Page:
While there has been no significant change in party affiliation this year (2006), there are other signs of evangelical frustration with the party. The number of evangelicals who have a favorable opinion of the GOP stood at 74 percent in the aftermath of the 2004 election. But it dropped to 54 percent last fall in the aftermath of Hurricane Katrina, before recovering to 63 percent earlier in 2006. By July of this year, however, it had declined to 54 percent, as the party’s image with the public overall dimmed to 40 percent favorable.
And guess what? Much of that sentiment has not changed and some indicators point to further slippage.
But even with the facts established—supporting the notion that evangelicals are a necessary if not sufficient component of success—many northeast and establishment Republicans don’t fully appreciate the importance of social conservatives.
The road to the White House for this party still includes evangelicals and its route still runs through the Deep South, as well as the major battleground states of Ohio, Michigan, Pennsylvania, Florida, California, Colorado and Minnesota. Men and women of faith have been major players in all these states—and they’ve been some of the most dependable grassroots foot soldiers. They need to be rallied.
The missteps are starting to add up.
Mike Huckabee should have been offered a more visible presence with the campaign, especially since he was always very generous with his comments toward McCain during the primary. Just as Governor Giuliani is now point man for the campaign on Homeland Security issues, and Gov. Crist of Florida is a moderate presence never far from a McCain photo op, Mike Huckabee should have been somewhere in the mix, maybe as McCain’s point person to social conservatives.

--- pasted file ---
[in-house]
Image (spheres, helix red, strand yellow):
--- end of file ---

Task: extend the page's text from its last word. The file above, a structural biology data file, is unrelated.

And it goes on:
Most recently, the campaign chose not to respond to invitations by Pat Robertson to appear on his “700 Club”. Obama accepted and had two days of nationwide media coverage directly into the homes of hundreds of thousands of religious conservatives.
In Indianapolis just a few weeks ago, The Southern Baptist Convention—the second largest denomination in America—had their annual convention and Senator McCain chose not to address that gathering either.
At this point I attribute the blame to senior staff and not the senator. But at some point the burden of responsibility will shift to the candidate himself.
Missed opportunities are adding up. Clearly it’s time for some immediate changes. I believe Senator McCain can and should be a leader of all the people (including evangelicals). The Democratic machine and mainstream media will continue to press Obama’s advantage by applying pressure on McCain to distance himself from evangelicals. But, if McCain wants to win in November, it’s time he personally evaluate the decisions of his staffers and begin to push back the left on the faith issue and spend a little time energizing the GOP’s best grassroots army.
In the end, the base does have a choice. On November 4, they can elect to stay home.